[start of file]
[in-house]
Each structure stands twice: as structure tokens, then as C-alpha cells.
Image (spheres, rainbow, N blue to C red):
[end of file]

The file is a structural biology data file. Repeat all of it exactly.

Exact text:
[in-house]
Each structure stands twice: as structure tokens, then as C-alpha cells.
Image (spheres, rainbow, N blue to C red):